The Supreme Court recently ruled on the case of Comptroller of the Treasury of Maryland v. Wynne. Like many Supreme Court decisions, the verdict is divided 5-4. Frequently, a decision like that means that the conservative members of the court have voted one way, the liberals another, and Justice Kennedy is the deciding swing vote. The case of Wynne, however, the decision has split the justices but not along the expected lines. Justices Alito, Roberts, Kennedy, Breyer and Sotomayor affirmed the decision, while Justices Scalia, Thomas, Ginsburg and Kagan dissented for varying reasons.
The decision may have far reaching tax consequences for states beyond Maryland and it highlights some of the potential complexities involved in American law, tax or otherwise.
The case arises from the particulars of Maryland’s tax structure. Like many states, Maryland imposes a tax on the income of its residents. In addition to this state income tax, Maryland also collects a second income tax from its residents which it calls a county tax. Although called a county tax, the tax is collected by Maryland’s Treasury and is handled by the state. Also like many states, Maryland provides tax credits to its residents for income tax they pay to other states. (This most commonly arises when a Maryland resident earns income in another state.) Maryland only offers these credits, however, on the state portion of the income tax. The county portion is not reduced by such credits.
The Supreme Court held that this tax scheme is unconstitutional because it violates the dormant Commerce Clause. Two lines of dissent emerged among the justices. Justices Scalia and Thomas dissented regarding the dormant Commerce Clause, arguing essentially that the dormant Commerce Clause is a misreading of the actual Constitution. (Each Justice filed his own dissenting opinion and joined with the other’s in part.) Justice Ginsburg dissented on the grounds that states have the right to tax the full income of their residents and that there is no constitutional requirement for states to offer credits and if they do offer them, they do so as matters of tax policy, not because the Constitution requires them to do so.
The Commerce Clause is found in Article I of the United States Constitution and it grants Congress the power “To regulate Commerce with foreign Nations, and among the several States, and with the Indian Tribes.” The Clause on the surface is straightforward. As you would expect from its name, it gives Congress the power to regulate commerce. It’s also not immediately apparently how this affects Maryland’s tax structure.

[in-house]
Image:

The intersection with Wynne has to do not with the words of the Commerce Clause as they appear in the Constitution but instead with what is known as the dormant Commerce Clause. While the Clause itself talks about Congress, the Clause has frequently been used in the courts to regulate the actions of states. This is interpretation is the so called dormant Commerce Clause. In general summary, it holds that states cannot treat transactions differently because of the state in which they arise. This prohibits, among other things, states imposing tariffs on goods coming from other states.
The majority opinion in Wynne held that Maryland’s income tax structure violated the Clause after applying various tests derived from prior cases on similar matters. If every state adopted such a policy, then interstate commerce would in effect be taxed at a higher rate than intrastate commerce, according to the ruling. Prior cases before the Supreme Court have invalidated tax schemes that might lead to double taxation of out-of-state income and favored intra- over interstate commerce. The majority opinion said these prior decisions made this decision a forgone conclusion.
The full extent of the decision remains to be seen. In Maryland it will require the state to change its income tax structure. Other states may have tax schemes that run afoul of the decision.
Horowitz Law Offices represents taxpayers before the IRS, the Illinois Department of Revenue and the Chicago Board of Finance in connection with various tax matters. You are welcome to contact us at (312) 787-553 or email@example.com